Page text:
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The Playlist

Cameron Crowe Says He's Written A Comedy That He Hopes To Shoot Next March

  • By Kevin Jagernauth
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  • October 28, 2011 8:16 AM
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  • 0 Comments
New Picture From 'We Bought A Zoo'To say that Cameron Crowe has been busy would be an understatement. The director, returning to the cinema world after a long absence following 2005's "Elizabethtown," has had an insanely busy 2011. This spring he premiered his Elton John documentary "The Union" at the Tribeca Film Festival which you'll get to see on HBO in January; just this week saw the release of his comprehensive "Pearl Jam 20," an indepth look at the iconic alternative band on their twentieth anniversary and in December, he'll unveil his first feature length movie in six years, the Matt Damon starring, Jonsi scored "We Bought A Zoo." But if you think Crowe might take some time in 2012 to grab a nap you'd be mistaken. If things go according to plan, he'll be shooting his next film a lot sooner than you think.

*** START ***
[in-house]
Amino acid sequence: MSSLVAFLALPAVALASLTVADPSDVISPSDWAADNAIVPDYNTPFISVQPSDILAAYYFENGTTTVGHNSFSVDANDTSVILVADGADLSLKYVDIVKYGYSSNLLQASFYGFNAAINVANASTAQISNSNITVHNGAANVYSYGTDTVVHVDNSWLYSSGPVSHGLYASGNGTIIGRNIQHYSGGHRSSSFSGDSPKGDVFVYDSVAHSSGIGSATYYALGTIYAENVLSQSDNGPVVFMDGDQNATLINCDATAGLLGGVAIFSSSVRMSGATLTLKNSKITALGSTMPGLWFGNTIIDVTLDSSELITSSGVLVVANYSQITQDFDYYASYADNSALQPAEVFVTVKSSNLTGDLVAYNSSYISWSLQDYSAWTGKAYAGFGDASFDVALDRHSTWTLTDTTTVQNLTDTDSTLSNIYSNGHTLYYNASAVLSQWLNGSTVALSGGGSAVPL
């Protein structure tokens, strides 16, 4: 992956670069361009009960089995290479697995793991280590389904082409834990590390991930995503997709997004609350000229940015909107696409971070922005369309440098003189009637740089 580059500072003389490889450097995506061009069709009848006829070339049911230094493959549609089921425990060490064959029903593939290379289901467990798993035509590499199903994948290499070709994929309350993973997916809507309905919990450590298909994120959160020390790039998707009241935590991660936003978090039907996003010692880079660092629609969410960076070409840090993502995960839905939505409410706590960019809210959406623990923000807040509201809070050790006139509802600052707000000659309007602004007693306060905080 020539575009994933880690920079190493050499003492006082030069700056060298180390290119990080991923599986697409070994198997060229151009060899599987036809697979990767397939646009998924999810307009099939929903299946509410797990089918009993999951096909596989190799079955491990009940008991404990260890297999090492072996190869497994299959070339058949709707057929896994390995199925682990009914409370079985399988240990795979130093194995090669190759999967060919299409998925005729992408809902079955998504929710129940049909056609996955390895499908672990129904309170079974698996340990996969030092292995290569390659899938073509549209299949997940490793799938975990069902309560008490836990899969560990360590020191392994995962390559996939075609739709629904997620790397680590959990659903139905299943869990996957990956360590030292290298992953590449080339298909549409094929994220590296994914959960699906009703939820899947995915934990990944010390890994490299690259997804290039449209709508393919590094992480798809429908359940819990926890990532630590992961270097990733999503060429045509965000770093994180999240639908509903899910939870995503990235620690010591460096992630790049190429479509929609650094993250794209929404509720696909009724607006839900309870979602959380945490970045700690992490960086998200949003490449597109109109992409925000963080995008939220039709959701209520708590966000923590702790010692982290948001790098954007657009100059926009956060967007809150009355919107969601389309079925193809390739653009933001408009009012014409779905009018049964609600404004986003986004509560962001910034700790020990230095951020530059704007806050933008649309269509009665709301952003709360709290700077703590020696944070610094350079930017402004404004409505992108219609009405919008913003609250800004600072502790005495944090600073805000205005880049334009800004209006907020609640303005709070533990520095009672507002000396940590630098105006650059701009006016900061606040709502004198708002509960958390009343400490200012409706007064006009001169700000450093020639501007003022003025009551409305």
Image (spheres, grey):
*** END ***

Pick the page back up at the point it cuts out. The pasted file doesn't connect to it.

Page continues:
Watch: Previously Unreleased Video For Pearl Jam's "Not For You" Directed By Cameron Crowe

  • By Kevin Jagernauth
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  • October 25, 2011 5:02 AM
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  • 1 Comment
Cameron Crowe is just getting warmed up for what will be a very busy fall and winter. He's got his next feature film "We Bought A Zoo" being prepped for a December 23rd bow, and early in the new year will see HBO release his Elton John documentary "The Union." But before that, he's got "Pearl Jam Twenty," a comprehensive look at the band in celebration of their twenty years of making music.

Review: Cameron Crowe's 'Pearl Jam Twenty' Is A Rousing, Wonderfully Atypical Rock Doc

  • By Drew Taylor
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  • September 21, 2011 4:27 AM